My friends and I want to travel by train from Vienna (Int'l) to Rothenberg, Germany. We are all in fairly good shape but in our early 60's so not as spry as we used to be. Should I use the DB Bahn web site and order tickets from them before we go at the end of July? I am confused about the number of train changes we will have to make. I am not sure we will be able to make the mad dash, if necessary, to get from one train to the next. On the site it states times such as 12 min. to make change. Does that mean we need to get off the train and figure out where we need to be to catch the connecting train in 12 min? Finally, do we buy a ticket from Vienna to Rothenberg that will include the connections or do we have to purchase the tickets at each stop? We plan on being there for a couple of days and then taking the train to Amsterdam. So the same questions apply for that trip as well.
You can't book this trip on a single ticket from Deutsche Bahn because some legs of the trip operate entirely outside of Germany. You would have to book it from Austrian State Railways, ÖBB. Generally speaking, 12 minutes is more than enough time to transfer trains at all but the largest rail stations (ie, Berlin and Antwerp). Tracks run parallel to another, it's simply a matter of walking a short distance. Often, before the train pulls into the station, they will tell you the track number of connecting trains over the intercom system, both in German and English. If you miss this information, just look at the departure board real quick when you exit the train. So, there's the straight forward answers to your questions. But, let's reconsider what you're trying to do here. Do you realize that the trip from Vienna to Rothenburg odT lasts anywhere from 6 to 9 hours? Are you sure that's what you want to do? My usual comment is that despite all the attention it gets, Rothenburg isn't nearly unique as advertised, except for all the tour buses and trinket shops. It's worth visiting if your travels take you within a 90 minute radius of the town. Anything longer, you are inevitably going too far out of your way and bypassing plenty of other well-preserved historic German towns. I would suggest at a minimum stopping somewhere else first to break up the trip.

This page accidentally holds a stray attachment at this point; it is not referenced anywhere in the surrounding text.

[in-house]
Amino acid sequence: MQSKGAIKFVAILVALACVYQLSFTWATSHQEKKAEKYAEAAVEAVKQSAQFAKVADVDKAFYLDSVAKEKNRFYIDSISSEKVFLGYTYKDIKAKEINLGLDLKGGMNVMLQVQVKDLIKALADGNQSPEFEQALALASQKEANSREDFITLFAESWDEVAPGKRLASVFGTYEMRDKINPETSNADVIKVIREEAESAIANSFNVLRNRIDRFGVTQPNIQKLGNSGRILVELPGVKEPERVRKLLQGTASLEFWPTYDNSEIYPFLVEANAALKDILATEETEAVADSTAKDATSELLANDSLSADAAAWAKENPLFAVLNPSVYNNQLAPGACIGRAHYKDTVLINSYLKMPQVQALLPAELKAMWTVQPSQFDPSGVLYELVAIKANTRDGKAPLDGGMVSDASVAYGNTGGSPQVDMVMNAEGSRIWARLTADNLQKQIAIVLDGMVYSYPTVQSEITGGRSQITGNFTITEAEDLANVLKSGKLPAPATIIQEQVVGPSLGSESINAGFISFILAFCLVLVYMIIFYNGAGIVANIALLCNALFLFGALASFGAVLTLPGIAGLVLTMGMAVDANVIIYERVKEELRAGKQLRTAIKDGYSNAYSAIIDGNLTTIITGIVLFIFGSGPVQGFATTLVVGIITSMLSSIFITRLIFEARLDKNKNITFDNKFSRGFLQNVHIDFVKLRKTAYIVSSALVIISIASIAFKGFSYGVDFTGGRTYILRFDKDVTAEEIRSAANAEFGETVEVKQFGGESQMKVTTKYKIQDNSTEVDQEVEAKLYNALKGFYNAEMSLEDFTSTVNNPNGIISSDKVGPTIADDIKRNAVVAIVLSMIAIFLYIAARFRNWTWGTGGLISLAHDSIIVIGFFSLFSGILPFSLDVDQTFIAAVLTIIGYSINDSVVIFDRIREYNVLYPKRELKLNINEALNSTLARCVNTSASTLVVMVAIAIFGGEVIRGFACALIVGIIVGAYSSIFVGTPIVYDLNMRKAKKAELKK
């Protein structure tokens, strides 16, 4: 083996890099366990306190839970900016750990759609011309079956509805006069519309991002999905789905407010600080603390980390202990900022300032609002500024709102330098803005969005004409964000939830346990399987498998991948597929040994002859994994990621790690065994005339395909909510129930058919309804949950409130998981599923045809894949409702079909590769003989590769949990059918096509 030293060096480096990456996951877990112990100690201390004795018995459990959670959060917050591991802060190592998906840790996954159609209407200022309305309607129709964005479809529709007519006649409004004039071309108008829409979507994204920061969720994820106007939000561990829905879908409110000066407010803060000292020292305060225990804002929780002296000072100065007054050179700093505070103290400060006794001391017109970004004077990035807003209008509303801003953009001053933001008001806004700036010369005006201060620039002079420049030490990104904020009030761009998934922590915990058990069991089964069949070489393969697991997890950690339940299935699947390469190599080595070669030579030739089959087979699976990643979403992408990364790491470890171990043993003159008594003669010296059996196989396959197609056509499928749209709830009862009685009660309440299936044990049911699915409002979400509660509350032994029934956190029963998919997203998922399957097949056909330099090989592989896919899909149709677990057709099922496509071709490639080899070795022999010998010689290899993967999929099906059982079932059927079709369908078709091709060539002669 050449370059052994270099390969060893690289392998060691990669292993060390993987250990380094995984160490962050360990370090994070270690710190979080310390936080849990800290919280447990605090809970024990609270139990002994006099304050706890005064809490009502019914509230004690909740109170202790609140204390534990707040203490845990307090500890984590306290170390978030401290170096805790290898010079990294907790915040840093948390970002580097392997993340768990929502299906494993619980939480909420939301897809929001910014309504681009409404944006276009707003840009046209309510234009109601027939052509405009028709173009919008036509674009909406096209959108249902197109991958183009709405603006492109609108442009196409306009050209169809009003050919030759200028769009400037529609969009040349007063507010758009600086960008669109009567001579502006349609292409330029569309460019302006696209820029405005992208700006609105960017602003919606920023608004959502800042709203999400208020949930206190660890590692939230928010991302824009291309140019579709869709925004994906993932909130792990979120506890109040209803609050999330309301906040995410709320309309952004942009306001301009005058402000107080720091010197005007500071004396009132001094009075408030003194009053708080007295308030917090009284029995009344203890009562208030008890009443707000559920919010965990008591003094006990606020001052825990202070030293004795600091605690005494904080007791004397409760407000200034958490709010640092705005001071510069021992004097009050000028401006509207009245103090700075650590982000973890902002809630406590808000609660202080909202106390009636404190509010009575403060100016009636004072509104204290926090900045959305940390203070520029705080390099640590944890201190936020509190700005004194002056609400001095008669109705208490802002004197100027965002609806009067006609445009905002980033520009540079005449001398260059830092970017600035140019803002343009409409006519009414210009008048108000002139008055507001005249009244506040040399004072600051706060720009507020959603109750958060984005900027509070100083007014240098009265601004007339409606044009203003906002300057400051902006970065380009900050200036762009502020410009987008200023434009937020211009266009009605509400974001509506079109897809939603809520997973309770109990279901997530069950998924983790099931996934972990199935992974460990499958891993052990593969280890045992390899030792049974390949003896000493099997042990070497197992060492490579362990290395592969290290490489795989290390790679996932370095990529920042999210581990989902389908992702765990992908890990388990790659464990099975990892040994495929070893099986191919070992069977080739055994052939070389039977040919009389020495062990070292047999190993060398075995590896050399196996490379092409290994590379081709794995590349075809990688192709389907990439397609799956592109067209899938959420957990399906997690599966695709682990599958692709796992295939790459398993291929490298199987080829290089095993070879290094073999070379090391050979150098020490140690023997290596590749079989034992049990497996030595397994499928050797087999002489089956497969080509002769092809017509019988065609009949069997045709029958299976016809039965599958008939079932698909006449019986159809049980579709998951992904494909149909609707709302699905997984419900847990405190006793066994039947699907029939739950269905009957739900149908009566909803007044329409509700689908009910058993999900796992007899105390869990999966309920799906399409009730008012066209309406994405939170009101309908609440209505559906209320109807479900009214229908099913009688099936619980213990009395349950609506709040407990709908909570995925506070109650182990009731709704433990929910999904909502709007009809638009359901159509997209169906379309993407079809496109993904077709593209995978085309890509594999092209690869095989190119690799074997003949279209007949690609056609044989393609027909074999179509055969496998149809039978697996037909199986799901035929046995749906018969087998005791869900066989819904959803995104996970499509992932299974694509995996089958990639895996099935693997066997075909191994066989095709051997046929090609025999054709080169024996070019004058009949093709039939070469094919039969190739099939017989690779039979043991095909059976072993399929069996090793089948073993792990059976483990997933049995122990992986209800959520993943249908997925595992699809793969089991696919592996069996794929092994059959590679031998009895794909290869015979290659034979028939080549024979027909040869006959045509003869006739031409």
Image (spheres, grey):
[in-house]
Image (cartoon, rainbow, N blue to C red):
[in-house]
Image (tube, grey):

Hi, Louise. I'm driving through Oroville today. Small world. "Should I use the DB Bahn web site and order tickets from them before we go at the end of July?" Contrary to Tom's comments about this, you absolutely CAN buy tickets at DB for Vienna - Rothenburg or for other destinations in Germany. DB has seats available for this route for 69€ each on dates I checked. That said, I would 2nd Tom's concerns about making Rothenburg a destination. There are many other interesting and well-preserved villages that aren't crawling with international tourists. Nearby Bad Windsheim, for example, is quite nice itself and has a fantastic outdoor museum called the Fränkisches Freilandmuseum where dozens of ancient buildings from the region have been relocated. Here are some photos of Bad Windsheim itself. Other villages in the area like Nördlingen, Weissenburg, and Iphofen are also quite nice without all the heavy-handed tourism. For a larger city, Bamberg is an excellent old-world choice. And yes, DB sells tickets from Vienna to all these places. And from these places to Amsterdam as well.
I think the key here is "from Vienna (Int'l). The Bahn website shows a station "Vienna Internati.(U)". That's apparently is the "Kaisermühlen VIC" (Vienna International Center) U-Bahn station in Vienna. From there to Wien Westbahnhof takes two U-Bahn connections, which cannot be ticketed on the Bahn webstite. If you use Wien Westbahnhof (or just Wien) to Rothenburg, you will get fares, and can purchase tickets, between those stations. Buy the U-Bahn tickets to Westbahnhof in Vienna. If by Vienna (Int'l) you mean Vienna International Airport, then the same thing applies. There are a series of local transportation connections (CAT, U-Bahn) between the airport and Westbahnhof which have to be purchased locally. Austrian Rail also does not sell a complete ticket because the last connections are completely in Germany.
Thank you all for your suggestions. I will indeed look into other towns to visit in Germany. This part of the trip is actually coming on the tail end of a longer trip through the western part of Germany. We wind down from Frankfurt to Munich and on to Vienna. We wanted to spend a little more time in Germany but also wanted to end our trip in Amsterdam. Hence the winding around. I will check out the web sites suggested. And Russ, yes, it truly is a small world!!